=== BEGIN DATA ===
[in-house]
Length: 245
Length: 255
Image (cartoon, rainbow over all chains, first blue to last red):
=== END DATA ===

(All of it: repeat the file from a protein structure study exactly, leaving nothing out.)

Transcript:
[in-house]
Length: 245
Length: 255
Image (cartoon, rainbow over all chains, first blue to last red):